Find people like this and be sure to spend time with them.  They will equip you to go out and shine the light of hope to others.

You’ll truly understand the power and gift of showing up.

~Matt

 

Friday Hit List

A quick hit list of thoughts to start your weekend.

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Victory- Just before Thanksgiving, I went and saw Creed with a good friend.  The movie, besides being a quality addition to the franchise, examines the theme of time.  In the end, time always wins. Decide what you’ll do with what you have.  Fight for what is important and keep moving forward.

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Verse- The largest challenge of faith.  We are called to walk towards what we do not see in a world that demands proof.  Jesus said, “Blessed are those who have not seen and still believed.” We are the generation separated by thousands of years and still believing. Do good. Serve. Love. Parent your kids to be contributors to society. Give someone hope. Do it all for faith and the assurance of the unseen.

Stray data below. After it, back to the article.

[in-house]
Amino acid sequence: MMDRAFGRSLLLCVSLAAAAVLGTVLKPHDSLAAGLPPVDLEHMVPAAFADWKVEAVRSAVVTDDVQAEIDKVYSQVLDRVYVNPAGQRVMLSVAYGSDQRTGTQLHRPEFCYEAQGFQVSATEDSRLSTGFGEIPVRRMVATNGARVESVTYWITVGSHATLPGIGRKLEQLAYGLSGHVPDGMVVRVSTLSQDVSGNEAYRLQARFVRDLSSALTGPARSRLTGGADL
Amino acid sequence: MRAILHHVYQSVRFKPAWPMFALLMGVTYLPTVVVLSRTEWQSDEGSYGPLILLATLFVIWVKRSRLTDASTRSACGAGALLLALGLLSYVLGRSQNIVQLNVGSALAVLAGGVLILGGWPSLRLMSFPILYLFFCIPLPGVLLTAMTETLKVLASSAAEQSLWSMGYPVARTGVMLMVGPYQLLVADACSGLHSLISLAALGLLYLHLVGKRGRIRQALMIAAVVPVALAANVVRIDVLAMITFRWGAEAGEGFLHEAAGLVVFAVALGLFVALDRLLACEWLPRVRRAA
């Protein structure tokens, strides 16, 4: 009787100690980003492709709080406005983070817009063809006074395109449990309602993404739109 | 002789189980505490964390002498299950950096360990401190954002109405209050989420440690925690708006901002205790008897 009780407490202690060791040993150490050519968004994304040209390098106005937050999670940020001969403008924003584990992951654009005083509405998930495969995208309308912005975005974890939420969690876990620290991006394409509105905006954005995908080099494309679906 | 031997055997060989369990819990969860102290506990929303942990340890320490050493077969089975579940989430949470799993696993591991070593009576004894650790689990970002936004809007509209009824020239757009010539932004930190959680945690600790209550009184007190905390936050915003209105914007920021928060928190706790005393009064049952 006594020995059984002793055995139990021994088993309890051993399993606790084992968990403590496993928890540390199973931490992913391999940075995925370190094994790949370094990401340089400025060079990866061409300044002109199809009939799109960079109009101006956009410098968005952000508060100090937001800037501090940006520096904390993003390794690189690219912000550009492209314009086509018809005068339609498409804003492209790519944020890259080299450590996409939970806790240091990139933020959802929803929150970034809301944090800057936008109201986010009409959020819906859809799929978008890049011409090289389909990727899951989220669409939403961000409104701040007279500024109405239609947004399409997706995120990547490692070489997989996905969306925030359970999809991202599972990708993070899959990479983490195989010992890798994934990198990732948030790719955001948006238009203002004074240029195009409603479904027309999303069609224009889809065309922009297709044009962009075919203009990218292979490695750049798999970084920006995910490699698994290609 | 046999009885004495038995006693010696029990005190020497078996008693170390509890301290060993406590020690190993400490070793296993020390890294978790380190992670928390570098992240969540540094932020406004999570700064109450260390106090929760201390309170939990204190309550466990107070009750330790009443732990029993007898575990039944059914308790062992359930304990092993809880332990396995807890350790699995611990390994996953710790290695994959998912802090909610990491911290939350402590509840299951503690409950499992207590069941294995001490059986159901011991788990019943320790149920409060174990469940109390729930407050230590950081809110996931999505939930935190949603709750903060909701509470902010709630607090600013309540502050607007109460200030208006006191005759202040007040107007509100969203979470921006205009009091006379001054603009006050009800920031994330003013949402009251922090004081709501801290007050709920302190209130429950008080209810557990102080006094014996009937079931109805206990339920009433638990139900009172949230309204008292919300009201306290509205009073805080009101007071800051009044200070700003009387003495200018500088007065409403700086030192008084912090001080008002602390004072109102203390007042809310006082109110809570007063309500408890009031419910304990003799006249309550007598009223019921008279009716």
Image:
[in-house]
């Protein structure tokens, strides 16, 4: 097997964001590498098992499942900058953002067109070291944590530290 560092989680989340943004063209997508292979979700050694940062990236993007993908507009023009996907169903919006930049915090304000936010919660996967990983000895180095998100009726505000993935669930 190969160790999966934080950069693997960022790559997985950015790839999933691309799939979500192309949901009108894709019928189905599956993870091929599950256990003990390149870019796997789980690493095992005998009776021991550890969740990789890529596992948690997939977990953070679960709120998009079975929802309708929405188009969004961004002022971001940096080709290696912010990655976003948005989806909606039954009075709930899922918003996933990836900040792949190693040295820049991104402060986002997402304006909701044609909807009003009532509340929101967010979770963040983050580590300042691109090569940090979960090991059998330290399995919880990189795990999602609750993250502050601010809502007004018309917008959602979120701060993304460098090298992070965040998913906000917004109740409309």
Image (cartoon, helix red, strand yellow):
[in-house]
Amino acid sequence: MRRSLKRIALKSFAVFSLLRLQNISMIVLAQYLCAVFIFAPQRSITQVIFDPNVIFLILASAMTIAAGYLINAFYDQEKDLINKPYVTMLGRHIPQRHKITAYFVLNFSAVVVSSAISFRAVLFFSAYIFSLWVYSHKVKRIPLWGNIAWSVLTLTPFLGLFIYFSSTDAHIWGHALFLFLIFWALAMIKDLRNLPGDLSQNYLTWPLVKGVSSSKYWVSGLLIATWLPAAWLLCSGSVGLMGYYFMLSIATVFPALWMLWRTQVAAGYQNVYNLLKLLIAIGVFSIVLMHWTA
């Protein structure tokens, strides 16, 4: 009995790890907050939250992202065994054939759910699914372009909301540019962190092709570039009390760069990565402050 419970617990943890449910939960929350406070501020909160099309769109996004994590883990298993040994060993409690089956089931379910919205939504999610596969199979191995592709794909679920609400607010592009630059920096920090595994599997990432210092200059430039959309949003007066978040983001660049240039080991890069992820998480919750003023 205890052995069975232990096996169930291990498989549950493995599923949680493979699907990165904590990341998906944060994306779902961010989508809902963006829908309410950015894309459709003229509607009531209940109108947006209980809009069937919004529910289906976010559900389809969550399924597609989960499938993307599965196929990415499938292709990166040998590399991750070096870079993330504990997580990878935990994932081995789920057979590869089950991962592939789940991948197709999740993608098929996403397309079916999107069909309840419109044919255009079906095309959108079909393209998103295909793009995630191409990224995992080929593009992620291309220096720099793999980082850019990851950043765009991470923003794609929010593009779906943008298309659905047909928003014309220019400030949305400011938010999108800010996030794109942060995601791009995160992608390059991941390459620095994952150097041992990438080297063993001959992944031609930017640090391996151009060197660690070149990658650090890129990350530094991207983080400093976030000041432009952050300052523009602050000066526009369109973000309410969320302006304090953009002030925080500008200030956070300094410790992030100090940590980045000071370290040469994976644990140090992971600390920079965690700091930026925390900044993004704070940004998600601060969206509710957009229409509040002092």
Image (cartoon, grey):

Christmas song- Val loves Christmas music.  I can take or leave it.  In the realm of holiday songs, this is the classic and one that stands above the rest. I rank Chris Tomlin’s version of Joy to the World (Unending Joy)” as a close second.

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Final Thought- Break Free.

Ever find yourself speaking with someone who has an agenda?  How about every day of the week?  The world is filled with it.  Work in any business and you’ll be dealing with customers, suppliers, vendors, and an army of people with agendas.  This afternoon I had a conversation with a friend who is transactional by nature. I’ve known him for a year now and he lives his life around the principal of what can you do for me?

Writers are often told to not write for the market, as, by the time your novel is ready, the current trend has moved on.

Too many communities of faith build themselves around service veiled in transactional pitches (you need a small group, to give, to join up, to get community, to go on the missions trip).

Jesus offered the ultimate alternative: grace. The cross as the final transaction, erasing the need for all others.

We need to shift our view, to understand that service and contribution grows from the hope of faith, that salvation is not a bargain purchased online, at the store, or at the polls in November. The world will change through selfless love, not agenda.